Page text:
September 27, 2023

Owing to faster agricultural development in the United States, China’s corn production per mu – a Chinese unit of measurement – has fallen further behind the US in the past decade, currently at 314kg (692 pounds) less per mu from 200kg in 2005.

Our agricultural technology gap, particularly with the US, can’t be allowed to widen any further
Deng Yan, professor

“About 70 per cent of China’s corn seed comes from the US,” said Jia, who is also chairman of the African Academy of Sciences China branch. “Western countries, especially the US, have created a serious choke point on our seed resources.”

Escalating tensions between China and the US-led West have sounded the alarm over China’s food security amid weak competition involving indigenous seeds – a major reason that China relies so heavily on food imports.

Experts have called on Beijing to diversify its seed imports, increase collaboration between universities and companies, and employ smarter breeding techniques.

The world’s second-biggest economy needed to strengthen its agricultural technology and diversify its seed suppliers to address the international “choke point” in its agricultural sector, including the livestock industry and the breeding of high-quality fruits and vegetables, according to Chinese academics.

“Our agricultural technology gap, particularly with the US, can’t be allowed to widen any further,” Deng Yan, a professor at Guangdong Ocean University’s School of Management, said at a seed conference in Hainan in early April. “Otherwise, it would put China at greater risk of containment by the US.”

Why is the Chinese government so concerned about food security?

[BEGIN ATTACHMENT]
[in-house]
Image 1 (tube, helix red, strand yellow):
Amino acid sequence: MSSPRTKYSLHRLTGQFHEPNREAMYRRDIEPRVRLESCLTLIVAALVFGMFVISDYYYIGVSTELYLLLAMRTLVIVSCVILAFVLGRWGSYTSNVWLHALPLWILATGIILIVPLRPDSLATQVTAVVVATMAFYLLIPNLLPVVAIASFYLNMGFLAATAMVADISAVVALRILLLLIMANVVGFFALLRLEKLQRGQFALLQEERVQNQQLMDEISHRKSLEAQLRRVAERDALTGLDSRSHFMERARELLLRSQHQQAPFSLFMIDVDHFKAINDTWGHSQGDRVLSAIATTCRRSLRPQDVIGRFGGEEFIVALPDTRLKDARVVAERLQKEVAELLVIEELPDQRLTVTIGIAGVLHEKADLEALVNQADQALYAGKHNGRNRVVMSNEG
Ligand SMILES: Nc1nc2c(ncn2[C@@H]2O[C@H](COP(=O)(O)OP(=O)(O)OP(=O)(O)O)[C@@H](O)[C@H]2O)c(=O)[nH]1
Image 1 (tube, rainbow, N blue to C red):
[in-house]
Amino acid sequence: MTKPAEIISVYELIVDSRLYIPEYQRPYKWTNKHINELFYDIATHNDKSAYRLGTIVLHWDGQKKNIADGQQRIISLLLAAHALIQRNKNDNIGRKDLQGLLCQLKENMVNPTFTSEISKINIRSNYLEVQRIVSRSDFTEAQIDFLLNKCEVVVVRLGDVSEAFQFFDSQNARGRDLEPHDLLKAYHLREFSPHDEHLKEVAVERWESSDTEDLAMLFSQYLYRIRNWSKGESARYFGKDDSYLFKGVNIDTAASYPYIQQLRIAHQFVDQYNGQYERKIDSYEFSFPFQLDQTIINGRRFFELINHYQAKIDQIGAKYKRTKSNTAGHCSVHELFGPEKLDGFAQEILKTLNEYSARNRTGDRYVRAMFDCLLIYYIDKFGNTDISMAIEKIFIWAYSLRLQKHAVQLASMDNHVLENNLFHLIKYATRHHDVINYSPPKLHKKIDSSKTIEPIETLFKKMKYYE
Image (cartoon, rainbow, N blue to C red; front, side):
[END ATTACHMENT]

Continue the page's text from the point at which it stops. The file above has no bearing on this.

Why is the Chinese government so concerned about food security?

Deng said that the tensions between the world’s two largest economies were putting immense strain on the domestic seed industry, leading to a decline in the availability of high-quality fruit and vegetable seeds, and the livestock breeding sector was also severely affected.

Deng said that seed concerns had shifted from food quantity to quality amid restrictions on the import of high-end variety seeds.

“China’s high-end seed development capability is poor, and it’s a technological problem,” he said.

China has nearly eight times more authorised domestic breeds of crop seeds than the US and the Netherlands combined, with 7,323 breeds authorised domestically between 2010 and 2019, according to data compiled by Deng from the International Union for the Protection of New Varieties of Plants.

“But in terms of international market share, China’s seed-competitiveness ranking quickly slips from first to 15th,” he said.

He said China’s seed exports only had a 1.51 per cent share of the global market, compared with the Netherlands’ 20.47 per cent and the US’ 13.91 per cent.

“The US has more than 2,000 seed patents from just one company, Cordova, while the total number of all patents in China combined is only 1,225, not to mention that over half of them come from a single state-owned enterprise, without which the figures would only get worse,” Deng said.

To address this problem, China needs to foster a mutually beneficial relationship between businesses and research institutes, Deng contends. But the lack of collaboration between companies and research institutes has disrupted the commercial seed industry.

“In China, agricultural technology is certainly the forte of research institutes, and companies are less capable of solving seed-security issues,” Deng said.

China is the second-largest seed consumer in the world, behind the US, with the market potential estimated at more than 120 billion yuan (US$16.6 billion). It had a seed-trade deficit of US$350 million in 2021, according to a report released in October by Vcbeat, an agricultural technology platform in Beijing.

The report added that despite an abundance of seed-related enterprises, China has relatively weak research and development capabilities, less capital investment and weak copyright protection, while more than 90 per cent of the scientific instruments that China uses for seed research are imported.